Posted: June 19, 2014
Source: Triple Pundit (People, Planet, Profit).com by
How do you measure sustainability? Most of us would have two to four quick answers: Energy usage, quality of materials, longevity or carbon footprint.
Now, how exactly do you quantify that? In other words, how do customers figure out if a clothes dryer is going to use an affordable amount of energy and be worth the purchase? How do they know if that lotion or conditioner they bought is really made of ingredients that are not only healthy but okay for the environment once rinsed down the drain? What if they need construction materials that are mold resistant and won’t create allergens or decompose from humid weather?
The answer, says Scot Case, director of Market Development for UL Environment, is the same approach we have, for years, relied on to ensure that toaster in the kitchen is safe to use, or the inspection that was used when your office was wired for lighting: validation and certification that sets thresholds and manufacturing standards.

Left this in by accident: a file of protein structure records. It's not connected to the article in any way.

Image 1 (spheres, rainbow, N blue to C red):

“So if someone wants to make recycled content claim,” says Case, “[UL Environment] can validate that claim. If they want to make an energy efficiency claim, or a biodegradability claim, or a compostability claim, we can validate those specific environmental claims [as well].”